It was perhaps inevitable. But it speaks volumes nonetheless. On Tuesday morning, the Susan G. Komen Foundation announced that its vice president for public policy, Karen Handel, was resigning.
It was the latest very public – and very bitter – turn in a story that has thrown the traditionally esteemed Komen foundation for one hell of a loop. Just one week ago, Planned Parenthood announced that Komen was halting its funding for the organization's breast cancer screenings. The move, the Komen foundation insisted, was about "the charity’s newly adopted criteria barring grants to organizations that are under investigation by local, state or federal authorities" – itself a dubious smear on a respected women's health organization. But it didn't take long for critics to note that Handel, who was hired just last year, had run for governor of Georgia on a platform of conspicuously anti-Planned Parenthood rhetoric. In 2010, she declared "I do not support the mission of Planned Parenthood," and that she "strongly supports" laws prohibiting "the use of taxpayer funds for abortions or abortion-related services." A lady like that in the driver's seat of your organization just as you're distancing yourself from Planned Parenthood looks like a whole more than a coincidence.
With a relentless social media nightmare and a surge of high-profile promises of financial support for Planned Parenthood on its hands, the Komen foundation had, by Friday, backed off, apologizing "to the American public for recent decisions" and vowing to "continue to fund existing grants, including those of Planned Parenthood." Yet the shadow of its anti-Planned Parenthood bigwig loomed large, especially for an organization that insists it has no political agenda. So as a new campaign for Komen to oust Handel was picking up steam across Twitter and Facebook on Tuesday, she stepped down.
Her departure doesn't appear to be that of a woman cowed by the events of the recent past. She says she has declined any severance package, and in her resignation letter, she says she is "deeply disappointed by the gross mischaracterizations of the strategy, its rationale, and my involvement in it" and that "neither the decision nor the changes themselves were based on anyone's political beliefs or ideology." Indeed, Handel could not possibly have gone rogue on this one and implemented the disastrous decision about Planned Parenthood all by her lonesome. But in a Huffington Post story Sunday, Laura Bassett reported that a Komen insider told her "Karen Handel was the prime instigator of this effort, and she herself personally came up with investigation criteria. She said, 'If we just say it's about investigations, we can defund Planned Parenthood and no one can blame us for being political.'"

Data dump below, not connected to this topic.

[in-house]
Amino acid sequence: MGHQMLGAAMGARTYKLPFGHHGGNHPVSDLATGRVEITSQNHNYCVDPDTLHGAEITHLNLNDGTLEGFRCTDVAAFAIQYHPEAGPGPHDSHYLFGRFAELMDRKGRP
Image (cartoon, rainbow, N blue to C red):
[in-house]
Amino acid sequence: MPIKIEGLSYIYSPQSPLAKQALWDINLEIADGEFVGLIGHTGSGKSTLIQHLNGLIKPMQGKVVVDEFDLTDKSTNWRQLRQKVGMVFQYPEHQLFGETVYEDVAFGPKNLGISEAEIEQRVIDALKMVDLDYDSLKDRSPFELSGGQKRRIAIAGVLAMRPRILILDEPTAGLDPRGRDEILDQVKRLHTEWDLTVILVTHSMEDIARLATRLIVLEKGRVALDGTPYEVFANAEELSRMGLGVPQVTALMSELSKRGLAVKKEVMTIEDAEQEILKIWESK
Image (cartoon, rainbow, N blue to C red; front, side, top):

For now, the matter seems at an end. A representative for Planned Parenthood referred Salon this Tuesday morning to the organization's statement from last Friday and told us, "We have no plans to say anything further." But in this crucial election year, the Komen mess and the departure of Handel send a powerful message -- that when you screw around with screenings and services to women who might otherwise not afford them, it does not go unnoticed. You say it's not political? It's about women's health and women's bodies. It's political as hell. And it will be in November.